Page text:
Sony appear to have an advantage in their newest handheld console, which, with Sony’s recent acquisition Gaikai, can stream PS4 games directly to the console, controlling them fully in much the same way you would with a Dualshock. This is a feature that Sony promised with PSP years ago and it never materialised. So no one is holding their breath, but signs are good, and the Vita’s obvious power advantage makes it seem all the more possible. There will be a mobile app that will function much like Smartglass, but it’s smarter for Sony to push their own handheld in to that space, lord knows they need to shift a few more.
From what’s been trailed so far in the jumpy-roundy-lounge stakes, it seems like both companies are sticking with a ‘more of the same but better’ approach. So much so with Sony that the existing PS Move wands are compatible with PS4, albeit with an upgraded 3D camera. You might ask why they’ve not enhanced PSMove for the next gen, the answer is interesting. Under international law, the gyroscopic technology in PSMove cannot be any more accurate because if it was it could be used in missile guidance. So whilst games and consistency may be improved by the new camera, it will essentially be the same interface. The advantage for us, and Sony, is cost. Move wands are as inexpensive as Wii Remotes now, so by lowering that financial barrier, we take less risk as consumers and are more likely to take a punt on a new idea.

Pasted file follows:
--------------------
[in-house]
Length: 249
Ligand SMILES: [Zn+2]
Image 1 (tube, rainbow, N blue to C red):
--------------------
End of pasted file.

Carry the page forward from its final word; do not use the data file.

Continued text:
The new Kinect sensor will be powerful expensive and mandatory, but unlikely to be used any more than this generation’s one, no one likes to talk to machines. Microsoft’s Kinect 2.0 is basically the same but apparently ‘ten times’ more sensitive, more intelligent and able to see much smaller gestures. It’s also coded in to Xbox One at kernel level, Xbox won’t work without it. MS have integrated its wavy talk-to-the-machine tech in to every facet of its functionality, they’re really pushing it with an almost pathological ignorance of the basic failure of Kinect as an interface. It’s true that they sold by the bucket-load at launch, at least enough to pay their titanic marketing bill. But if you want to see what happened to all those Kinects that were bought for £130 just go look in your local second-hand shop, they’ve got them all, and you can pick one up for £25. That’s not to say Move has sustained any more success, there’s plenty of those hanging around the store rooms too.
What’s clear is that motion control isn’t the lightning that Nintendo bottled back in 2006, and what it takes to guarantee success (besides a spectacularly saturative marketing campaign) is software. In 6 years Nintendo have built a library of over 1700 titles for Wii, about 17 of which have been genuinely great games. Now, just one of those 17 games is likely worth more than the console itself. Kinect and PS Move are faring much worse currently, MS have taken the choice from the consumer with this add-on and made it essential, it’s up to Sony to prove that their eccentric yet elegant light-up wands are relevant, and they can’t rely on Media Molecule alone to do that for them.